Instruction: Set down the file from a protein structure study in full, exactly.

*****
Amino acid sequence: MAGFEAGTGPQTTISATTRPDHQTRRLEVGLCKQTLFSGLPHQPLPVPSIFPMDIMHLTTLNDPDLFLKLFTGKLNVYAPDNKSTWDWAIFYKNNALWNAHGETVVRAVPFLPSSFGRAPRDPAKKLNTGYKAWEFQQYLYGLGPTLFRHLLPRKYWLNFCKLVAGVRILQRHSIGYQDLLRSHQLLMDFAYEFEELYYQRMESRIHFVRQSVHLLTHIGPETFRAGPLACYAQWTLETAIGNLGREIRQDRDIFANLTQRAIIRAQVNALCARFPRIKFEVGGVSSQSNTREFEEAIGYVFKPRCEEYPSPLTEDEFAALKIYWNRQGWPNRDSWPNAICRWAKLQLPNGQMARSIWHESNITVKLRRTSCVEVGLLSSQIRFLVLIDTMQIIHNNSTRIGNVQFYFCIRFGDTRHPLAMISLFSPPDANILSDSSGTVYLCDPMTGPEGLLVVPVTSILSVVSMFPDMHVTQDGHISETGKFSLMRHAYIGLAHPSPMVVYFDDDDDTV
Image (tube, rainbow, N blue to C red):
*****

Amino acid sequence: MAGFEAGTGPQTTISATTRPDHQTRRLEVGLCKQTLFSGLPHQPLPVPSIFPMDIMHLTTLNDPDLFLKLFTGKLNVYAPDNKSTWDWAIFYKNNALWNAHGETVVRAVPFLPSSFGRAPRDPAKKLNTGYKAWEFQQYLYGLGPTLFRHLLPRKYWLNFCKLVAGVRILQRHSIGYQDLLRSHQLLMDFAYEFEELYYQRMESRIHFVRQSVHLLTHIGPETFRAGPLACYAQWTLETAIGNLGREIRQDRDIFANLTQRAIIRAQVNALCARFPRIKFEVGGVSSQSNTREFEEAIGYVFKPRCEEYPSPLTEDEFAALKIYWNRQGWPNRDSWPNAICRWAKLQLPNGQMARSIWHESNITVKLRRTSCVEVGLLSSQIRFLVLIDTMQIIHNNSTRIGNVQFYFCIRFGDTRHPLAMISLFSPPDANILSDSSGTVYLCDPMTGPEGLLVVPVTSILSVVSMFPDMHVTQDGHISETGKFSLMRHAYIGLAHPSPMVVYFDDDDDTV
Image (tube, rainbow, N blue to C red):